0

if you need to remove always the same sentence you can try sed -e 's/abcd[0-9]*//g' -e 's/*test[0-9]*://g' file.ext this show you the output in the stdout if you want save this output simple add the > to the finel of the instruction or >> to append the content to another file sed -e 's/abcd[0-9]*//g' -e 's/*test[0-9]*://g' file.ext>new_file.ext sed -e ...


0

I would probably need to see some more examples, but I imagine something like this would work sed -e 's/\<abcd[0-9]\>//g' inputfile && sed -e 's/\<test[0-9]\>//g' inputfile


1

You can try sed substitution $ sed -e 's/abcd[0-9]*//g' -e 's/*test[0-9]*://g' file Where abcd[0-9]* matches every abcd followed by a number, same with *test[0-9]*:


0

I don't think there is any nice way to do it with just one replacement. But if four replacements are fine, proceed as follows: Replace \A' by  (that is, replace ' at the beginning of the string). Replace '\Z by  (that is, replace ' at the end of the string). Globally replace ([^[:alnum:]])' by \1 (that is, replace every sequence of a ...


2

This is closely related to another question only in this case the substitution has to be made on the first line that matches clockBias after the pattern. If there was no special character in your fileB you could run with gnu sed : sed -E 's|(.*)[[:blank:]](.*)|/\1/,/clockBias/{/clockBias/{s/(:[[:blank:]]{1,})(.*)/\\1\2/}}|' fileB | sed -Ef - fileA That ...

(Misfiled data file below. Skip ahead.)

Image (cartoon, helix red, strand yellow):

6

It looks like you want to remove only those spaces that are before or after a semicolon. In that case: $ sed 's/[[:space:]]*;[[:space:]]*/;/g' text 03139;5;IT1234978208;20150930;CTZ 13/31.12.15; 03137;6;IT1234978206;20151015;CTZ 13/31.11.18; .... .... 03134;8;IT1234974406;20151212;CTZ 13/37.13.17; How it works: The sed substitution command typically ...


0

awk '{ORS=""; print $0}' textfile <div id="crmpicco"> <div class="ayrshireminis">... content in here ... </div></div> Additionally, as was already pointed out, the tr utility is awesome for this. To remove newlines and tabs/spaces all at once using the tr utility, do: # cat textfile |tr -d '\n\r" "' ...


0

Go for don_crissti's (accepted) answer if you have GNU grep. Just in case you don't (e.g. on a standard Mac OS X, where that won't work), you could alternatively save this snippet to a bash script, e.g. myconvert.sh #!/bin/bash while IFS='' read -r line || [[ -n "$line" ]]; do if ! grep -Fq "$line" $2 then sed -i '' "/$(echo $line | sed -e ...


1

If you have gnu grep you could run: grep -oFf file1 file2 | sort | uniq | grep -Ff - file1 remove the last grep if don't need to preserve the order of the lines in file1. If you don't have access to gnu grep, with awk: awk 'NR==FNR{z[$0]++;next};{for (l in z){if (index($0, l)) y[l]++}} END{for (i in y) print i}' file1 file2


4

(\w+ ) will match a word or part of word. This means that grep will treat every character in every word as a potential start-of-match. In your example, it will consider each of word1 ord1 rd1 d1 1 before moving on to the successful match (starting at word2). As you are interested in finding whole words, you can prevent all the attempted mid-word ...


2

Here's a bash-centric solution: IFS=, read -r -a vars <<<"$line" printf "%s\n" "${vars[0]}=${vars[1]},${vars[2]}" "${vars[0]}1=${vars[1]}" "${vars[0]}2=${vars[2]}" The first line splits your $line variable into pieces based on the commas. The second line, working from the inside-out: outputs the first value (e.g. 'dog'), equals-sign, then the ...


0